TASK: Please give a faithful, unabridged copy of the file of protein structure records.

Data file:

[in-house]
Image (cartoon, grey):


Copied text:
[in-house]
Image (cartoon, grey):